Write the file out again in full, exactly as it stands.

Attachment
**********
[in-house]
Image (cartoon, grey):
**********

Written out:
[in-house]
Image (cartoon, grey):